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[L. carbo, carbon, + Gr. hydor, water]
One of a group of organic chemicals, including sugars, glycogen, starches, dextrins, and celluloses, that contain only carbon, oxygen, and hydrogen. Usually the ratio of hydrogen to oxygen is 2 to 1. Glucose and its polymers (including starch and cellulose) are estimated to be the most abundant organic chemical compounds on earth, surpassing in quantity even the great stores of fuel hydrocarbons beneath the earth's crust. Carbohydrates are one of the six classes of nutrients needed by the body (the others are proteins, fats, minerals, vitamins, and water).
Green plants use the sun's energy to combine carbon dioxide and water to form carbohydrates. Most plant carbohydrates (celluloses) are unavailable for direct metabolism by vertebrates. However, the bacteria present in the intestinal tracts of some vertebrates break down cellulose to molecules that can be absorbed. The human intestinal tract lacks the enzyme that splits cellulose into sugar molecules, but humans do split starch into maltose by means of their salivary and pancreatic amylases.

Carbohydrates are grouped according to the number of carbon atoms they contain and how many of the basic types are combined into larger molecules. The most common simple sugars, monosaccharides, contain five or six carbon atoms and are called pentoses and hexoses, respectively. Two monosaccharides linked together are called a disaccharide. A series (chain) of monosaccharides or disaccharides is called a polysaccharide. Ribose and deoxyribose are the most important pentoses; glucose, fructose, and galactose are the most important hexoses in human metabolism. The disaccharide sugars in the diet are maltose (2 d-glucose molecules), sucrose or cane sugar (glucose and fructose), and lactose or milk sugar (d-glucose and d-galactose). These sugars are split and eventually converted to glucose by enzyme action. The two important polysaccharides are starch and glycogen; the latter is called animal starch. The basic monosaccharide building block for both of these large polymers is glucose. Dietary starch and glycogen are metabolized first to glucose and then to carbon dioxide and water in humans. SEE TABLE: Classification of Important Carbohydrates

Carbohydrates are a basic source of energy. They are stored in the body as glycogen in virtually all tissues, but principally in the liver and muscles. Glucose, an important source of reserve energy, can be mobilized from these sites.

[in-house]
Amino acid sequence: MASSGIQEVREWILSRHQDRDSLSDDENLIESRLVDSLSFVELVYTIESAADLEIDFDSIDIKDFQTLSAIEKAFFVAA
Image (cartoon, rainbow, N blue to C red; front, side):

Cooked but not raw starch is broken down to disaccharide by salivary amylase. Both cooked and raw starches are split in the small intestine by pancreatic amylase. Disaccharides cannot be absorbed until they have been split into monosaccharides by the enzymes present in the brush border of cells lining the intestinal tract. Glucose and galactose are the actively absorbed sugars. Fructose is absorbed by diffusion. SEE TABLE: Digestion of Carbohydrates

Although very complex at the molecular level, carbohydrate metabolism can be explained as follows. Carbohydrates are absorbed as glucose, galactose, or fructose. Fructose and galactose are converted to glucose by the liver and are then available for energy production, or they may be stored after conversion to glycogen. The glycogen is available for metabolism to glucose whenever reserve energy is needed.
SEE: muscle metabolism

Carbohydrates are present in food in digestible and indigestible forms. The digestible type are an important source of energy. Those that cannot be used, usually some form of cellulose, are beneficial in adding bulk to the diet. Whole grains, vegetables, legumes (peas and beans), tubers (potatoes), fruits, honey, and refined sugar are excellent sources of carbohydrate. Calories derived from sugar and candy have been termed “empty” calories because these foods lack essential amino acids, vitamins, and minerals.
SEE: fiber, dietary

Carbohydrates contain 4.1 kcal/g and are esp. useful as a quick source of energy as they are readily digested.
Dietary sources of complex carbohydrates

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